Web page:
SAMBA on Big Iron because (a) its cheaper than a huge array of Windows Servers that present reliability and administrative overhead, and (b) its scalable. Linux isn’t the ‘rough beast’ that Balmer made out and Microsoft’s ‘center cannot hold’ the way it has in the past.

Cyber, Ciber or Syber?

Occasionally, people do ask:

What exactly do you mean by “cyber security”?
Or “cyber” for that matter. Please explain.

“Steersman Security”?

It seems to be one of those Humpty-dumpty words that the media, the government and others use with — what’s the current politically correct phrase to use now when one would, 50 years ago have said ‘gay abandon’? — because its current;y “in”?

I see it used to mean “computer” and “network” in the specific and “computers” and “networks” in the general, as well as specific functions such as e-banking, & other e-commerce, “Big Data”, SCADA, POTS and its replacements.

I see it used in place of “Information” in contexts like “information Security” becoming, as above, “Cyber Security“. But you don’t know that it means that.

Are we here to protect the data? Or just the network? or just the computer?

Until a few years ago “Cyber” still did mean “steersman”, even if that was automated rather than a human presence. No-one would call the POTUS a “Cyber-man’ in the sense of being a steersman for the republic.

Perhaps we should start a movement to ban the use of “Cyber-” from use by the media.

Perhaps we might try to get some establishments to stop abusing the term.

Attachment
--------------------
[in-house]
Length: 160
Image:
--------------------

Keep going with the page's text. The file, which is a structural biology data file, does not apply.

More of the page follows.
I doubt very much we could do that with media such as SCMagazine but perhaps we could get the Estate of the Late Norbert Weiner to threaten some high profile entities like the State Department for the mis-use of the term?


Why Silicon Valley Will Continue to Rule

The historical, cultural and economic context described here sums up why
efforts to replicate ‘the valley’ in other countries, other places,
according to governmental whims, never happens, never works, never will.

People around the world have tried to reproduce Silicon Valley. No one
has succeeded.

And no one will succeed because no place else — including Silicon Valley
itself in its 2015 incarnation — could ever reproduce the unique
concoction of academic research, technology, countercultural ideals and
a California-specific type of Gold Rush reputation that attracts people
with a high tolerance for risk and very little to lose. Partially
through the passage of time, partially through deliberate effort by some
entrepreneurs who tried to “give back” and others who tried to make a